Written by Wendy M. Reinke, Director of National Center for Rural School Mental Health
Prior to the pandemic, 1 in 5 school-age youth experienced serious mental health issues. During the pandemic, these numbers grew, with emergency room visits for mental health issues increasing by 24 percent among children and 31 percent among adolescents. Given this rise in mental health problems, the U.S. Surgeon General released an advisory in December 2021, outlining ways to prevent and treat the mental health challenges facing youth. School-based prevention and intervention supports are part of this solution, but in rural schools, geographic isolation and limited resources make it difficult to access these services. The U.S. Department of Education’s Institute of Education Sciences-funded National Center for Rural School Mental Health (NCRSMH) is working to address this challenge.
This National R&D Center builds on a coalition partnership in Missouri and is supporting new partnerships with rural school districts in Missouri, Virginia, and Montana. Each state provides a unique geographical context that has informed the tools and interventions we are developing for wide use in rural schools. For example, Missouri sits in the middle of the country, where half of the school districts are considered rural and another third are considered small towns. Virginia encompasses central Appalachia, which struggles with issues of underemployment, mental health, and school dropout. In Montana, rural residents are scattered across 56 counties, 30 of which are classified as “frontier” counties with three or fewer persons per square mile. To address these diverse conditions, our team has built an Intervention Hub and Cost Calculator to help rural schools easily access tools they can afford and that will work for their local context to support their students’ mental health needs.
A cornerstone of the Center is the use of an assessment tool that allows schools to gather data to determine their needs for school-level prevention, group-based interventions, and individualized interventions. The tool, called the Early Identification System (EIS), allows schools to collect information from teachers and students themselves in a feasible and efficient fashion across seven areas of risk that we know are directly linked to mental health issues: peer relationship problems, attention and academic problems, emotion dysregulation, externalizing problems like aggression, internalizing problems like depression and anxiety, school disengagement, and bullying behaviors.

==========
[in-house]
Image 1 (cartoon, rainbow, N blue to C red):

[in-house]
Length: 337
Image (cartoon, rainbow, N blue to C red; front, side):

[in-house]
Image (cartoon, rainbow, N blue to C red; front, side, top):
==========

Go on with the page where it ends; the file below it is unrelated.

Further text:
Recent data from students in our rural schools indicates that 20 percent of youth always or often felt sad in the past month, and 15 percent felt worried, with this being more likely for girls than boys. Teachers reported that 36 percent of students were easily distracted, 13 percent have poor social skills, and 19 percent have poor academic performance. Identifying early indicators of later mental health problems, like internalizing symptoms and poor social skills, allows schools to intervene early and help prevent larger concerns later.
The EIS provides schools with reports using a red, yellow, green format. This way, schools can quickly identify areas of concern (red) and areas where students are doing well (green). Then, schools have access to the EIS Intervention Hub, which allows them to link the information from the EIS directly to a menu of options of evidence-based interventions that we know have been shown to support improvement in the area of concern. Most of the interventions available are free, easy to use, and have all the information needed for schools to implement them -- in most cases without external support.
Over the next three years, we will be recruiting 100 rural school partners across our three geographic regions to evaluate the impact of using the EIS tools on students’ mental health and academic achievement.